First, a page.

Gallo-Roman wine vat found in Touraine

Archaeologists have discovered a Gallo-Roman wine vat from the 2nd century near the village of Vaugourdon in Touraine, central France. A team from France’s National Institute for Preventive Archaeological Research (INRAP) found the vat during an excavation of the site of a future fishery when they unearthed a deep rectangular pit built of roof bricks and lime mortar making it water-tight.

The Loire river valley is one of France’s top wine producing regions, with a history of viticulture that goes back to the Roman era. If the presence of grape juice is confirmed from presence of tannins in residues on the brick, this vat will be the earliest direct archaeological evidence of wine production in Touraine.

Winemaking in Roman Gaul, especially in this period, was predominantly based in the Mediterranean south of the country, and most evidence points to it creeping north to areas such as the Loire much later in the Roman period; as late as the 3rd century AD.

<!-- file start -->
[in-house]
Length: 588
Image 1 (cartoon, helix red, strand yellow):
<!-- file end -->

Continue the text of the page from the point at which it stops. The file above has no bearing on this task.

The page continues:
The famous saint, Martin of Tours, is a patron of vintners, vine-growers and winemakers and his wine-related hagiography is firmly linked to the area. He is credited with encouraging the spread of viticulture throughout the Touraine region, introducing Chenin Blanc and supposedly his donkey ‘discovered’ pruning by nibbling the foliage of a monastery’s vineyard (though there is an Ancient Greek myth where Aristaeus discovers this by watching a goat do the same thing).

But St Martin lived in the 4th century AD so this new site is as much as two centuries older.

The discovery of one winemaking site does not prove that viticulture was a large, flourishing industry in the Loire during this period of course but it does (potentially) show that limited viticulture was a reality and much more widespread in early Roman Gaul than former evidence suggested.

INRAP archaeologists have also discovered the foundations of a large villa near the vat. Fragments of marble and a well-preserved hypocaust system indicate this was a luxurious, expensive home. Its possible dates range from the 1st through the 3rd century A.D., so it may or may not be connected to wine production, but it likely belonged to a wealthy farmer, possibly absentee, who employed and housed numerous people on the estate year-round.

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